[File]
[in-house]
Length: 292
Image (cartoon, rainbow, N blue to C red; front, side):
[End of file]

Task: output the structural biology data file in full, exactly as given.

[in-house]
Length: 292
Image (cartoon, rainbow, N blue to C red; front, side):